So what’s changed? Domestically, there is one obvious answer: Grenfell Tower. It’s hard to imagine any government boasting about slashing health and safety rules now, after it was revealed that cuts to fire safety protections had helped cause a horrifying inferno that killed 72 people. Grenfell was a stark reminder that regulation saves lives, and that governments who slash it in the name of boosting corporate profits are doing something morally reprehensible. It’s hard now for the champions of deregulation to pose as champions of the common people.
Grenfell was a stark reminder that regulation saves lives, and that governments who slash it in the name of boosting corporate profits are doing something morally reprehensible.
When it comes to EU regulation, something has happened that has echoes of the Red Tape Challenge. It turns out that when people are asked what they think about specific, real-life regulations – as opposed to the abstract red tape bogeyman – they actually kind of like them. What the left has done very successfully since the referendum is shift the terms of the debate onto the actual regulations we stand to lose when we leave the EU – things like our rights at work, the safety of our food and toys, and measures to cut pollution. Labour, the unions and civil society have pushed this message to the point where May now feels obliged to say that these things won’t be at risk.
In all the furore over the Irish backstop, this has gone relatively unnoticed. But it’s an absolutely huge turnaround. The political debate has done a full 180, with social and environmental regulations swinging from something we need to escape to something we need to protect. In a world where it often feels like the right controls the political narrative, this is a significant reframing victory for the left, one that we should claim and celebrate. It also holds lessons for a Labour party which is currently tying itself in knots over how fiercely to defend freedom of movement against the anti-immigration politics of Brexit. If a bold and unapologetic left can change the political weather on one key issue in the Brexit debate, surely it should be on the front foot seeking to do the same for this one too.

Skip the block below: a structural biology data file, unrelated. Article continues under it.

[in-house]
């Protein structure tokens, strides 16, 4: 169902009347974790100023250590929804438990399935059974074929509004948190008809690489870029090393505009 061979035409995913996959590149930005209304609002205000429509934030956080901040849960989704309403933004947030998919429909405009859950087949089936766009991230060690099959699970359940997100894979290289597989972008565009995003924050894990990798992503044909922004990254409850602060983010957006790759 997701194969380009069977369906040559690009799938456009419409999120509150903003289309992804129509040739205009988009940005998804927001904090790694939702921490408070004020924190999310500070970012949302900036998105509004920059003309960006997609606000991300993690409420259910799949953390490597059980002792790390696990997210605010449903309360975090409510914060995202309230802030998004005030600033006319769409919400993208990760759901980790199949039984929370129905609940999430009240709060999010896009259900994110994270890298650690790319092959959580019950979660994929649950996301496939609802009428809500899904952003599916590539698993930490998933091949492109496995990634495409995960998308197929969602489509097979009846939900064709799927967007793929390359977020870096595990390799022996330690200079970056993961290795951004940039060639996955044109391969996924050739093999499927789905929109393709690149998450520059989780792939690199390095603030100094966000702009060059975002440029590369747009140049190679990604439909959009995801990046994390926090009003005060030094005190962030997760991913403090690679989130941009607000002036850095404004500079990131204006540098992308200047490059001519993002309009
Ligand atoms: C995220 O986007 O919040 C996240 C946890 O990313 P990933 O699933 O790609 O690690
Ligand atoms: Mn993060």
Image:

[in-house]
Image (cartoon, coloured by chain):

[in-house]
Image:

Again, a reframing victory is not the same as a policy victory, and this is certainly no time to rest on our laurels. The political agenda of hard right Brexiteers remains aggressively deregulatory, premised on the UK reinventing itself as the tax haven of Europe. In 2016, international trade secretary Liam Fox gave a speech in my adopted home town of Manchester talking in ludicrously grandiose terms of the “great task” of stripping away barriers to trade (otherwise known as regulations). He began (what else) by invoking Adam Smith, attributing to him the somewhat chilling view that “it is a moral right for people to buy whatever they want from those who sell it to them the cheapest.” He ended with a rousing call to arms: “If other nations are hanging back, then the UK will happily lead the charge for global free trade” – and Brexit is a “glorious opportunity” to do this.
Make no mistake: such ideologues are still shaping the Tories’ Brexit agenda, and they must be resisted to the hilt. But the signs of the debate shifting in our favour may just make this Great Task a little easier.